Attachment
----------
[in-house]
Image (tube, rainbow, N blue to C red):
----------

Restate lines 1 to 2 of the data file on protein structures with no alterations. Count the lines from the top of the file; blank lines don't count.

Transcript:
[in-house]
Image (tube, rainbow, N blue to C red):